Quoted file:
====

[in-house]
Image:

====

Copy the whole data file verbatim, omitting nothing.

[in-house]
Image: